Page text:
The Telltale Chronic Illness - Is My Time Running Out?
I’m running out of time. Or, at least, that’s what it always feels like.
Having rheumatoid arthritis (RA) and chronic illness, in general, is always feeling like you are racing against the clock, like some bonkers bicycle race that never ends and somehow you can still lose.
Unfortunately, that clock is becoming more and more intrusive these days.
Am I running out of time?
Lately, more and more, I have this overwhelming feeling that I’m going to run out of time to do anything worthwhile.
Whether it’s a project for that day, a longer-term endeavor, or life in general, it doesn’t matter – it always feels like I’ve got a ticking clock stalking me like some screwed-up chronic illness version of "The Telltale Heart".
Tick tock. Tick TOCK. TICK TOCK. What changed?
Pain and fatigue steal a lot of our time
If we’re being honest, when you live with RA and chronic illness, time is always a precious commodity. Fatigue steals a lot of it, with the motivation drain and extra sleep needed.
And if you are lucky enough to wake up on a good day when fatigue decided to take a sabbatical, then his good buddy pain usually steps in to take up the slack. Pain makes you move slower and you get less done; so, again, time sinks.
After thirty-plus years of dealing with these 2, you’d think I’d be used to beating the clock – and I was, more or less. But recently, I’ve been having issues with my ticker... and I think that’s what’s at the... heart of the issue (see what I did there?).
A time crunch to do what is important to me
I guess it stands to reason that a co-morbidity as serious as heart issues would amp things up to 11, but it’s only been recent that I’ve really felt the crunch.
I feel like I won’t be able to be as successful as I want to be as a writer and content creator before I’m too old for anyone to care.
I feel like I won’t be able to find anyone to be with before I’m so old that we can’t kiss without our dentures falling out.
I feel like I will never get to bring to fruition the many ideas I still have – good ideas, like a sash that goes around bathroom trash cans that also holds the bag in and makes it look pretty. I call it the Trash Sash (patent pending, you vultures).
Aging with serious health issues
Maybe it has to do with the fact that I’m approaching that all-important age of 49. You know, the age when the world stops caring what you think at all (according to advertisers, that is).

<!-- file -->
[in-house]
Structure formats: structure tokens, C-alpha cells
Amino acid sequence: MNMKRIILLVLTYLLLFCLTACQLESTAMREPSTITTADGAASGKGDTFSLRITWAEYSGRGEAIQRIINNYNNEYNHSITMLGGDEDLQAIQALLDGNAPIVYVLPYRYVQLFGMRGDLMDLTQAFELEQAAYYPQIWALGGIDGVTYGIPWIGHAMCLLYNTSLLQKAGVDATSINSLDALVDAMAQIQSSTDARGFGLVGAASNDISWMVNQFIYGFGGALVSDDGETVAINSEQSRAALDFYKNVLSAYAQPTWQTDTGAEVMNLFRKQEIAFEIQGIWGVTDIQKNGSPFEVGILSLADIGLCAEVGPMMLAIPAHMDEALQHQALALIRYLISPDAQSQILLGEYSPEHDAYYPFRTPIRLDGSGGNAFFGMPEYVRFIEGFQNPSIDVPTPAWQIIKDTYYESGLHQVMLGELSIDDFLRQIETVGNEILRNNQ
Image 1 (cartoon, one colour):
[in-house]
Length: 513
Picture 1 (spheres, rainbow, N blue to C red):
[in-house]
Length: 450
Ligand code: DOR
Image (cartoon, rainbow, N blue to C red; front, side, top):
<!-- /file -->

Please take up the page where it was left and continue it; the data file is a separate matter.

Every survey, questionnaire, and poll always wants you in that sweet 18 to 49-year-old range. And if you are, then great! We want to hear what you think!
Once you cross that threshold though, oh boy. Apparently, on the day of your fiftieth birthday, you instantly don’t matter to anyone in the world who does.
This, combined with the fact that my health issues are probably going to cause me serious medical problems again at some point in my life is making me question, for the first time, if I’ll be able to accomplish all the wonderous and world-changing things I have still planned. (The Trash Sash may not be world-altering, but it will make your bathroom really pop.)
I have to keep moving forward every day
So, what do I do now? Well, I feel like I just have to keep on doing what I’ve always done. Keep plugging on and moving forward every day just like I would have 10 or 20 years ago.
And when that ticking clock starts to get really loud, I remind myself that there are tons of people out there who did great things later in life and had chronic illness, to boot.
Errr, I can’t think of anyone offhand right now, but they exist - probably - and one day, I’m going to be one of them with my own Wikipedia page and everything, or at least that’s what I keep telling myself.
It’s getting more and more difficult to stave off the doubts, but I am still able to pull myself up by my bootstraps when needed.
RA affects us in many, random ways
Chronic illness and rheumatoid arthritis especially are awful and unique in the fact that they take parts of you away bit by bit, piece by piece. Cancer, injury, infection, those come on fast and do their damage, but RA?
Well, you never know where it’s going to hit, how long it’s going to last, and whether or not that damage it does is going to be permanent so you always have to assume the worst. Then, you work like it may be your last opportunity to do whatever it is you’re trying to do.
The crux of the issue
I think that’s the crux of the issue – when you live with RA, every time you do something it could be your last, and that can be a scary thing.
The longer I live and the more times I dodge that particular bullet, I feel like it means less of a chance I get lucky the next time. I think... I’m not really sure how odds work, but it certainly makes for a very neat conclusion. Talk soon... or will we?
Have you experienced ageism in your RA treatment?